I am not averse to slogans and clichés in general. Complex ideas and humanistic visions often can be boiled down to an aphoristic core that can deliver an intended message succinctly to a broad audience. “Don’t just sit there, do something,” for example, will always snap me out of my lethargy and get me going where I need to go without overthinking. “Question Authority” reminds me that I value challenging the status quo and gets me to “do the right thing.”
As a rabbi who identifies as an anti-Zionist, meaning I reject the idea that Israel must continue to be an ethnonationalist state, the difficult conversations I’ve had about prominent slogans heard at protests and shared online have not been with Palestinians but with those who still believe that statehood is a prerequisite for Jewish life to be sustained in Israel/Palestine. The current campaign to destroy Gaza and expel all its inhabitants has made conversations across that divide much harder and at the same time more urgent. The difficulty in talking across differences has been exacerbated by the fact these slogans and clichés are misunderstood and misrepresented. Two examples come to mind.
The first took place over email a few weeks ago, when I learned that a local synagogue was being used as a site for a fundraiser for Friends of the IDF, a U.S.-based nonprofit dedicated to supporting the Israeli military. I forwarded an essay written by a member of the local chapter of Jewish Voice for Peace (JVP) that was critical of the synagogue for renting space to this group to a friend at the synagogue in the hope that she might intervene. She, in turn, forwarded it to her rabbi, who sent a thoughtful note about the reasons the synagogue had made that decision. But the rabbi also made it clear that JVP was beyond the pale because they did not support “Israel’s Right to Exist,” a slogan the rabbi repeated three times in the course of their response.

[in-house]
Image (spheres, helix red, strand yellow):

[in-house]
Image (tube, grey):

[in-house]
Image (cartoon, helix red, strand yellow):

To me, this claim is baffling, because, legally speaking, the issue of Israel’s current existence is a given. Palestinians do not deny that the state of Israel exists, and all neighboring Arab states have acknowledged and accepted UN resolution 242, passed by the Security Council in 1967, which states clearly:
Termination of all claims or states of belligerency and respect for and acknowledgement of the sovereignty, territorial integrity and political independence of every State in the area and their right to live in peace within secure and recognized boundaries free from threats or acts of force.
But I have to assume that to the rabbi, the slogan describes the fear that Israel will someday not exist as a Jewish-majority, exclusivist and ethnonationalist state. At the very least, I imagine the rabbi fears that Palestinians and other Arab states, despite UN Res. 242, do not want to share the land with Jews, but want to make the land Judenrein, free of Jews — raising the specter of the Holocaust and all other expulsions the Jews have experienced over the centuries.
Similarly, when Zionist Jews hear the words “from the river to the sea, Palestine will be free” they do not think, as I do, that this slogan means the desire for a secular democratic state in which Palestinians and Israelis are both free “from the river to the sea.”
Their first thoughts tend to turn to the possibility that Palestinians, led by Hamas, will assume unilateral control and treat Jewish Israelis as Israel has treated Palestinians from the Nakba to today. Under this fictional interpretation the Palestinian goal would be to bring an end to Israel’s “right to exist.” Zionists tend to react to the slogan with fear and anger and claim the phrase itself is antisemitic.